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12 January 2019, 08:05 | Glen Norman
Rahaf Mohammed al-Qunun center an 18-year-old Saudi national leaves the Suvarnabhumi Airport in Bangkok Jan. 7 2019.
Australia's Home Affairs Department said it would "consider this referral in the usual way, as it does with all UNHCR referrals".
The spokesperson said the government had "serious concerns on this matter and the need for Ms Al-Qunun's claim to be assessed expeditiously".
A young Saudi woman is asking for Canada's help after tweets about her efforts to flee abuse and seek asylum overseas put her in the global spotlight.
"Due to privacy concerns, we can not comment on a specific case without signed consent", said Nancy Caron, a spokeswoman for Immigration Refugees and Citizenship Canada.
Al-Qunun's plight unfolded on social media, drawing support from around the world, which convinced Thai authorities to back down from sending her back to Saudi Arabia.
Saudi teen granted Canada asylum: Thai authorities
Alqunun claims her life would be in grave danger if she were returned to Saudi Arabia and her family would kill her. Australia had dropped strong hints it would resettle her after the United Nations urged the country to accept her.
Thai authorities arrested and charged AlAraibi, a Bahraini footballer who has a refugee status in Australia, late a year ago.
"It would have been better if they had confiscated her mobile instead of her passport".
Australia said on Wednesday it would consider taking in a 18-year-old Saudi woman who fled to Thailand saying she feared her family, which she accused of abuse, would kill her. But who is Rahaf al-Qunun and why is her life in danger?
Rahaf Mohammed Alqunun arrived in Bangkok on Saturday, January 5, appealing for asylum and her application was fast tracked for security reasons, partly because of the arrival of her father and brother. "We have no idea what he is going to do. whether he will try to find out where she is and go harass her", Robertson said. "Should Ms Mohammed Alqunun be found to have valid protection claims and entitled to asylum, Labor would be supportive of any government moves to offer her humanitarian settlement", Mr Shorten wrote.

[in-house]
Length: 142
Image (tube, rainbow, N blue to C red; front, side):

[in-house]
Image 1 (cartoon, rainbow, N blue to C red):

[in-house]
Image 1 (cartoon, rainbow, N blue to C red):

"I want Canada to give me asylum!" she tweeted in the early morning on Tuesday.
Alqunun's father - a senior Saudi official - and her brother, who she says often physically abused her, are now in Thailand.
Activists are concerned about what Saudi Arabia will do after Thai authorities reversed a decision to expel her and allowed Qunun to enter the country under the care of the UNHCR. Those women and the men who are fighting for women's rights activists who are in prison today in Saudi Arabia, they are the leaders - the vanguard of a revolution that will free Saudi women... by ending once and for all the guardianship system which is the foundation of patriarchy in Saudi Arabia... Describing her case as a "family affair", it said Saudi officials had neither seized her passport - as Alqunun had claimed several times - nor demanded her deportation back home.
Qunun toldReuters via text and audio messages that she had fled Kuwait during a family visit there, and had planned to travel to Australia to seek asylum. Thai immigration authorities have said that al-Qunun was prevented from onward travel to Australia, having been in contact with the "Saudi Arabia embassy to coordinate" this. She says her family thinks of her as a slave, and will kill her for renouncing Islam.
"It has been reported that Rahaf had a Visa to go to Australia, and meant to apply for asylum". Several female Saudis fleeing abuse by their families have been caught trying to seek asylum overseas in recent years and returned home.
Saudi women runaways have increasingly turned to social media to amplify their calls for help.
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